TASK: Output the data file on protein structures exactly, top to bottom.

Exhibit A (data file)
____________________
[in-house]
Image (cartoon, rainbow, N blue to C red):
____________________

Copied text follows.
[in-house]
Image (cartoon, rainbow, N blue to C red):